Happy Monday and welcome to a special edition of the newsletter. Today is Christmas here in the Vega house so I want to start out by saying Merry Christmas and Happy Holidays to all of you out there. It’s hard to believe that we are 1 week away from the new year but here we are. I’m working on some blog posts / thoughts around how my year looked and what I plan on focusing on next year so stay tuned for that.
In today’s newsletter I want to talk to you about Frontend Development for Java Developers, What’s New in Spring Boot 3.2 and Upcoming Presentations.
This made me contemplate the options available to Java developers when they need to develop a frontend for their application. I realize that this statement is quite broad, as different requirements call for different solutions to address specific problems.
I decided to sit down and start creating different scenarios or buckets, listing out available options. I like to use the application Excalidraw for this. When I was done, I had a wonderful idea: turning this into a live collaboration and allowing others to contribute. It was really great to see so many people jump in and add to it.
After everyone was done contributing to it I cleaned it up a bit. Some added other buckets like developing a CLI or Desktop Application in Java but I decided to narrow this down to building web applications. This is what we ended up with and I think this is a really great start.
My plan is to turn this into a blog post that the community can use as a resource to stay up to date with what options are available. If you have any thoughts on this or feedback I would love to hear from you.
I have been talking a lot about Spring Boot 3.2 lately and decided to sit down and write a blog post. Instead of simply duplicating the release notes, I want to highlight the major themes in this release: Runtime Efficiency, New Client Abstractions, and Observability Improvements.
Spring Boot 3 introduced runtime efficiency with features like Ahead-of-Time (AOT) compilation and support for creating GraalVM native images. In Spring Framework 6.1 and Spring Boot 3.2, we now have support for Java 21 and first-class support for Virtual Threads. Additionally, this release includes initial support for Project CRaC, which helps improve startup time.
I'm particularly excited about the new JDBC and REST Client features in this release. These two features will greatly benefit developers by providing easier and more fluent APIs, improving code readability and making coding more enjoyable.
Observability was a significant focus in Spring Boot 3.0. One of the key features was the Observability API, which allows both the framework and developers to add their own observations. In Spring Boot 3.2, support for a few annotations has been added, including
@Observed. Previously, some configuration was required to enable this feature, but now, as long as the Spring Boot AOP Starter is on the classpath, it will work seamlessly.
I hope you enjoy reading the blog post, which can be found here.
I am preparing for several conferences in the new year, and I am starting to feel really excited. If you are interested in staying up to date with my upcoming speaking engagements or accessing a list of past presentations, you can visit my speaking page.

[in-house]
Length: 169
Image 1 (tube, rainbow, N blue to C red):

When the new year begins, I will have two presentations at CodeMash in Sandusky, Ohio. I am excited to present on GraphQL and a new presentation on DevRel titled "The Developer Relations Playbook: How to build bridges by putting people first". I love this conference because I get to see my friend Chris Judd where he and Manifest Solutions puts on a great speaker dinner at a local pizzeria every year.
In February, I will be speaking at and attending my first ever ConFoo conference in Montreal, Canada. I am honored to have the opportunity to speak alongside many respected individuals in the community. I have heard only positive feedback about this conference, and I am thrilled to experience it firsthand. This week, I visited the conference's blog and was ecstatic to find my presentation listed there.
In April, I will be heading to India for the first time ever to attend and speak at the Great International Developer Summit. While browsing their website, I noticed that my talk is listed on the home page. It always serves as a reminder of how fortunate I am to be able to do what I love. I am also incredibly grateful and excited to reunite with old friends and make new acquaintances in India.
While we often refer to Project Loom as Virtual Threads it’s actually made up of a few different JEPs. I really enjoyed this article about Scoped Values which is an important piece to the Loom puzzle.
The Java Champions Virtual Conference is coming in January and will be free 1/25/2024 - 1/30/2024. If you want to find out more about it you can check it out here.
“It’s a funny thing about life, once you begin to take note of the things you are grateful for, you begin to lose sight of the things that you lack.”― Germany Kent
I hope you enjoyed this newsletter installment, and I will talk to you in the next one. If you have any links you would like me to include please contact me and I might add them to a future newsletter. I hope you have a great week and as always friends...